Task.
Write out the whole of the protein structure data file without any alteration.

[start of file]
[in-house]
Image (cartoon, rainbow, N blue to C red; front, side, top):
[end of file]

[in-house]
Image (cartoon, rainbow, N blue to C red; front, side, top):